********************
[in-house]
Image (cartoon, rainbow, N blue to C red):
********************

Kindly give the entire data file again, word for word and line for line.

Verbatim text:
[in-house]
Image (cartoon, rainbow, N blue to C red):